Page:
IN THE CAMPS
For Snover, Lane, and those who help deliver the meals, there are fewer things that bring such a unique combination of joy and heartache than when delivering the food.
“It’s like entering a third-world country,” Lane says, referring to the dilapidated housing the farm workers live in. “At first, we went around knocking on doors and offering people meals. Now, when they see the van, the children come running and people come out to greet us. They are all very thankful and appreciative for the food.”
As most of the workers speak very little English and Lane only has a “general” knowledge of Spanish, there is some verbal communication gap. But the compassion and love of Christ expressed by their acts of kindness, smiles, and continued help cannot be missed.
“We feel the presence of God every time we go to hand out the meals,” Lane says.
In addition to the migrant camps, the small team of four also brings some meals to others who are in desperate need along with providing some meals for those struggling to break free of addiction.
The community has taken notice of the church’s efforts, with the majority deeply appreciative.
“One businessman called me and told me he was going to stop by the church,” Lane recalls. “When he pulls up, he reaches into the center console and pulls out $5,000 cash, hands it to me, and say, ‘Keep feeding people.’ Several days later, he comes by again and hands me another $5,000!”
Lanes says other people have been handing him money — $50 here, $100 there — to help the church pay for the $800-a-week cost of the meal outreach, including a missionary who gave them $1,000. Recently, they also received a United Way grant to increase the number of boxes of food they give out on Mondays.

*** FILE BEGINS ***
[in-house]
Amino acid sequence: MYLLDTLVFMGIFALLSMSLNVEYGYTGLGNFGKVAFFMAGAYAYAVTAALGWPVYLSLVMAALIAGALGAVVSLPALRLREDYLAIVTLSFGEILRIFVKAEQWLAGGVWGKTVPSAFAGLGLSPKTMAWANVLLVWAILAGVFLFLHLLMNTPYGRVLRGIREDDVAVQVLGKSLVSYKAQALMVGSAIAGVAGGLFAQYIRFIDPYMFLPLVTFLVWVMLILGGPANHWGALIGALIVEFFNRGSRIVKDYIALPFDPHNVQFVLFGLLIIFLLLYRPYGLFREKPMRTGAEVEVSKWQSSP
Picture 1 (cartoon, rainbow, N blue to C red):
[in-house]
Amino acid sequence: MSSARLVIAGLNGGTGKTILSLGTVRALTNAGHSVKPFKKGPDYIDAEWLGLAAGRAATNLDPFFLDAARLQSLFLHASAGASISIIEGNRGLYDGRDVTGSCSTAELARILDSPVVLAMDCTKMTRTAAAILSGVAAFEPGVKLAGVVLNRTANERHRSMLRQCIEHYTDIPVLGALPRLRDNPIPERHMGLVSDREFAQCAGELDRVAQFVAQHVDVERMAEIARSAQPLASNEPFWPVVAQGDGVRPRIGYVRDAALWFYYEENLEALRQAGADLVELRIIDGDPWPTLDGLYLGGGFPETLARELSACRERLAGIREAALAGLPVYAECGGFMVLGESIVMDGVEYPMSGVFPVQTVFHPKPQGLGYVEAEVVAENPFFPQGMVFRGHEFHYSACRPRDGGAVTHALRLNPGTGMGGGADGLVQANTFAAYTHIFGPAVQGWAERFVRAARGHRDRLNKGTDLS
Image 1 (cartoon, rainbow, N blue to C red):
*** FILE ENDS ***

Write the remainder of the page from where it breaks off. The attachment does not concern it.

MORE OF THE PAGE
To Lane and the members of FAM, it has become abundantly clear that God is blessing them through their efforts to meet needs and represent the love of Christ.
However, Lane admits, it’s not all sunshine in the Sunshine State.
“There is a dark side,” he says. “There are some people from the community asking what we are doing — why are we helping those people, and posting some really racist messages . . . so, it’s not all wonderful.”
ALL THE TIME
Even though Lane has only been serving at FAM for the past five years, Higgins, because of her familiarity with the local migrant population, points out that the church responding to the need for meals with a Tuesday-Thursday effort wasn’t a big surprise to her.
“This isn’t new, FAM and pastor Brian are amazing,” Higgins says. “We have a big influx of immigrants right now from Guatemala, and any time I need help — picking up people or uniforms for kids who don’t have them — he always says yes. He’s played Santa, the church has brought toys, they grill out in the camps, they’ve built relationships.”
Lane adds that just prior to the lockdown, the church had started looking for a volunteer to lead a Spanish ministry. He explains that they’ve seen a lot of people start coming to the church due to their Monday boxed-food distributions, but because they don’t currently have anyone who can minister fluently in Spanish, it’s a barrier to immigrants and farm workers who only speak Spanish.
And even though there are some people who are upset over the church meeting the needs of individuals who are doing work that very few others have the physical stamina or willingness to do, Lane says his church will continue to meet their needs to the very best of its ability.
“I’m not a member of his church, but I’m a big fan of the church and pastor Brian,” Higgins says. “A lot of people come and go, but he continues to be very visible . . . it really shows what he believes by his actions. They (Lane and the church) are always looking for ways to help in the community — it says a lot about his church and his faith.”